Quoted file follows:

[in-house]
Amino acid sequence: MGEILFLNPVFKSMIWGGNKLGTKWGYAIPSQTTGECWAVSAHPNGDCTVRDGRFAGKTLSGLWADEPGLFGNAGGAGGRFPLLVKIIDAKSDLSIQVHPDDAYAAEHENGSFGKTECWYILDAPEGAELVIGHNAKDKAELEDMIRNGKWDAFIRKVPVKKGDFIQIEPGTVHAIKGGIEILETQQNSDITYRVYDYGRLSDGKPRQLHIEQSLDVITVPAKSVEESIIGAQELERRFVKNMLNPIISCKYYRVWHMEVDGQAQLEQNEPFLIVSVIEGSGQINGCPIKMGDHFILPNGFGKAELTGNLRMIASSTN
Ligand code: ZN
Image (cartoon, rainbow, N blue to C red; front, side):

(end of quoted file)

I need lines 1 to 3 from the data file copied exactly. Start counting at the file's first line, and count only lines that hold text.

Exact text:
[in-house]
Amino acid sequence: MGEILFLNPVFKSMIWGGNKLGTKWGYAIPSQTTGECWAVSAHPNGDCTVRDGRFAGKTLSGLWADEPGLFGNAGGAGGRFPLLVKIIDAKSDLSIQVHPDDAYAAEHENGSFGKTECWYILDAPEGAELVIGHNAKDKAELEDMIRNGKWDAFIRKVPVKKGDFIQIEPGTVHAIKGGIEILETQQNSDITYRVYDYGRLSDGKPRQLHIEQSLDVITVPAKSVEESIIGAQELERRFVKNMLNPIISCKYYRVWHMEVDGQAQLEQNEPFLIVSVIEGSGQINGCPIKMGDHFILPNGFGKAELTGNLRMIASSTN
Ligand code: ZN